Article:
If This Then That is a web-based service that allows users to create chains of conditional statements triggered by changes that occur within other web services such as Gmail, Facebook, Telegram, Instagram, or Pinterest.
IFTTT works by connecting different ‘applets’ to its service that runs automatically on its server. Spotify also has an integration with this service. With this integration, I’ve been able to set up two ‘applets’ that let me store a history of all of my discover weekly and release radar playlists. This way I can go back to those playlists to know that I have a wealth of gems to listen back to. The applet that allows me to do this in IFTTT is here.
Using song playlists to discover new music
Spotify previously experimented with a radio functionality that allowed users to ‘dislike’ or ‘like’ songs in that radio playlist. Based on your input, Spotify dynamically would update the radio station with new songs. I was a big fan of this feature until Spotify sunsetted it.
The new radio stations from Spotify are static and don’t have the option to learn from your inputs. However, there is a hidden functionality that works just like radio stations from before but better.
When you have a song you really like and want to discover similar music, all you have to do is right-click on that song and add it to a new playlist. For eg - here’s a new playlist I created from an artist I really enjoy
Notice how the screen below says ‘add’ songs to the existing playlist. You can traverse through that list at the bottom and if you find a song that you like, you can add it to the playlist. If you’re not satisfied with the results in that section, click refresh, and boom - you have a new set of songs that you can choose to add to the playlist. As you continue to add songs to the playlist, Spotify will continue to provide you with recommendations for the songs added to that playlist. This way you have your own smart song recommendation system to discover new music.
Part 2 - Exposing Spotify’s black-box through external apps to help you discover new music
This is where things get interesting. Spotify stores detailed attributes for all of its songs and expose these attributes only through its API. Having control over these attributes and tweaking them opens the pandora box that can help you discover music faster. Here are my favorite web apps that connect to Spotify’s API to allow you to do this -
Organizing and Sorting your music using song attributes
If you want a way to get more out of your existing collection of music and playlists or organize your playlists by mood if you haven’t already done so then Playlist Machinery is the perfect web app to do this.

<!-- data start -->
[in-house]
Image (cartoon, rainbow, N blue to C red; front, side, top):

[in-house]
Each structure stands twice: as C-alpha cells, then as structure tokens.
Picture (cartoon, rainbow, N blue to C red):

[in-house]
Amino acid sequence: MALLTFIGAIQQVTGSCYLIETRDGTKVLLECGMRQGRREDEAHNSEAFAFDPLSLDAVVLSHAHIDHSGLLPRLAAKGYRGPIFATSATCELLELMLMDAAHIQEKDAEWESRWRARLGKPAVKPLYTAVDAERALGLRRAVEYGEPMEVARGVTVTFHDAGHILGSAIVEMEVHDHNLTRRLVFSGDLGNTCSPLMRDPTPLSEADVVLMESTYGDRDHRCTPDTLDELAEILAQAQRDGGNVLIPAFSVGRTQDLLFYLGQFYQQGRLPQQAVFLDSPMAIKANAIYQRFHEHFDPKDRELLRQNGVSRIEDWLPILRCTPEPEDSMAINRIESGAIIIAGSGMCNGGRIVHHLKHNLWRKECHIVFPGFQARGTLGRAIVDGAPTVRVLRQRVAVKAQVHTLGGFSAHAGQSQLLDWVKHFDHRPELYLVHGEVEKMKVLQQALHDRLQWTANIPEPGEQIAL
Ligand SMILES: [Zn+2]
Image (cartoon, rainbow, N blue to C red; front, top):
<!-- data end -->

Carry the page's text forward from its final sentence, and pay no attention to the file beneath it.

One of the features of Playlist Machinery is to organize your music by plotting your existing playlist collections on a graph like the one below -
Selecting music on the graph can help you create new playlists at a whim.
Discovering music through Dubolt
Dubolt is another one of Spotify’s 3rd party web apps that allows you to tinker around with some attributes to give you a smart selection of radio/playlists. From the popularity of the songs to energy and danceability among many other options allows you to discover songs with ease in this well-designed UI.
The popularity bar is especially useful if you’re looking to find explore popular music in a new genre or find obscure music in a genre you already like to discover new and upcoming artists. Very powerful.
Other cool apps built using the Spotify API
Spotify’s Developer showcase has a bunch of these apps listed and some of them are really cool. From improving the functionality by speeding up song selection, to music discovery (like the ones covered above) to simply just niche and cool functions - these apps are amazing.
Some of my favorite ones are -
- Discover Quickly - Fast access to Spotify’s playlist and also very intuitive song selection.
- MagicPlaylist - This allows you to create ‘magic’ playlists based on your favorite songs. Very similar to Dubolt.
If you enjoyed this summary or have any feedback - let me know in the comments below 👇
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“How We Improved Data Discovery for Data Scientists at Spotify.” Spotify Engineering, 22 Aug. 2020, engineering.atspotify.com/2020/02/27/how-we-improved-data-discovery-for-data-scientists-at-spotify. ↩
“Controlling Spotify Recommendations: Effects of Personal Characteristics on Music Recommender User Interfaces.” Millecamp, Martijn, Nyi Nyi Htun, Yucheng Jin, and Katrien Verbert. ACM, 2018. https://doi.org/10.1145/3209219.3209223. ↩ ↩2 ↩3 ↩4